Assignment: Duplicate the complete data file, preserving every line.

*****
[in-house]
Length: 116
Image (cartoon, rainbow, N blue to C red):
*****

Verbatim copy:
[in-house]
Length: 116
Image (cartoon, rainbow, N blue to C red):